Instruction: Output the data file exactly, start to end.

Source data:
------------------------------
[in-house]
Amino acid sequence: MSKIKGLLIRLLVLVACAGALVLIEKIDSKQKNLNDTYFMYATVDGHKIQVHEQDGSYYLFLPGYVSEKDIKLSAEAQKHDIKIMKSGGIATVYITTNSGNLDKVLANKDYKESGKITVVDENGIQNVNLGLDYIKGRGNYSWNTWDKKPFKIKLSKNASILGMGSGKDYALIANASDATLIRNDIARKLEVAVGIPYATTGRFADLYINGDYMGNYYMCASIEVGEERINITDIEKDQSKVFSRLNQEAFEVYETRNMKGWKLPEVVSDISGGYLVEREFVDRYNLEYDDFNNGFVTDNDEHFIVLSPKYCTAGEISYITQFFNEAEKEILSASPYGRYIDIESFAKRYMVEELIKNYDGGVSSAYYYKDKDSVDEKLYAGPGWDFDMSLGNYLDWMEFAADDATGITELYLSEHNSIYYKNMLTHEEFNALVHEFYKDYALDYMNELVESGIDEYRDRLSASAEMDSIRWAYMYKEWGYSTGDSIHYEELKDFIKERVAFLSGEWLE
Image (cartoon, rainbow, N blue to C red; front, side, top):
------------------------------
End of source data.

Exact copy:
[in-house]
Amino acid sequence: MSKIKGLLIRLLVLVACAGALVLIEKIDSKQKNLNDTYFMYATVDGHKIQVHEQDGSYYLFLPGYVSEKDIKLSAEAQKHDIKIMKSGGIATVYITTNSGNLDKVLANKDYKESGKITVVDENGIQNVNLGLDYIKGRGNYSWNTWDKKPFKIKLSKNASILGMGSGKDYALIANASDATLIRNDIARKLEVAVGIPYATTGRFADLYINGDYMGNYYMCASIEVGEERINITDIEKDQSKVFSRLNQEAFEVYETRNMKGWKLPEVVSDISGGYLVEREFVDRYNLEYDDFNNGFVTDNDEHFIVLSPKYCTAGEISYITQFFNEAEKEILSASPYGRYIDIESFAKRYMVEELIKNYDGGVSSAYYYKDKDSVDEKLYAGPGWDFDMSLGNYLDWMEFAADDATGITELYLSEHNSIYYKNMLTHEEFNALVHEFYKDYALDYMNELVESGIDEYRDRLSASAEMDSIRWAYMYKEWGYSTGDSIHYEELKDFIKERVAFLSGEWLE
Image (cartoon, rainbow, N blue to C red; front, side, top):